Digital Portrait Background using a 4K TV

On this video portrait photographer, Joe Edelman shares a super cool idea on how to create any background that you like using a large 4K flat screen.

If you are using a ton of background for your shots than this idea by Edelman could be worth gold to you. The basic principle is super simple – instead of using a paper cloth or other physical material as background why not use a large screen, one that can display any background that you choose.

Sounds expensive, well it might be less pricey than you might think. Large 4K displays have been coming down in price considerably in the past few years and you can now get a 65 inch 4K TV at under $500 and a 75 inch at under $1000. In theory, you can even use a projector on a large projecting screen as long as you can place it behind/above/below your model (we didn’t test this one so feel free to try it out and let us know how well it works in the comments).

You will also need a good solid TV cart with an option to tilt the TV slightly downwards to prevent glare and of course a way to quickly display your backgrounds on the TV – the best way is probably a computer unless you are comfortable enough to play with a smart TV and some sort of supported cloud service (you can also use screencast from your smartphone which might be easier).

The beauty of this whole system is that you can make or download (and manipulate) any type of background that you like and it can all be done for free (there are enough free images and wallpapers online and you can always pay for using high-quality stock images if you really want to). Just make sure your images are sufficiently blurred and you are good to go.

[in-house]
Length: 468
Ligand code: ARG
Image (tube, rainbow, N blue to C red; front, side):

A few things to note here. If you are shooting with constant lights (LEDs etc.) you should be fine as long as you don’t see a glare or reflections on the screen. The monitor should be far enough to give you good separation but keep in mind that with strobes or flashes you are going to shoot at slower shutter speeds (you don’t want to get bending from the TV refresh rate).

Having a TV on a cart can be a great idea but it has its limitations and you should keep them in mind. First a TV – even a really large one can only allow you to shoot headshots and at most shoulders and above. A full body and even half body is out of the question. You will also need to use a longer lens (typically above 85mm should work depending on how tight a shot you want to make and how far your subject is going to be from the TV).

We are certainly considering this concept not just for portraits but for product photography as well, especially when you have smaller subjects to shoot.

You can find many more helpful photography tips on our Photography tips section. You can also check out a few of Edelman’s previous videos we posted here on LensVid on this page.

Iddo Genuth
Iddo Genuth is the founder and chief editor of He has been a technology reporter working for international publications since the late 1990's and covering photography since 2009. Iddo is also a co-founder of a production company specializing in commercial food and product visual content.


  1. This is really awesome! I’m thinking about using a TV as a background for setting up videos/zoom calls. Have you tried this when the TV is mounted to a wall (maybe with a tilt bracket)? Looking for ways to upgrade my studio – this was helpful. Thanks!

    1. We actually are using a TV on rolling wheels (DIY setup that we shall show in a later studio tour video in 2021) – it is useful for product shots (stills and video) and we also use it as a secondery screen for composition and showing to clients when shooting tethered.

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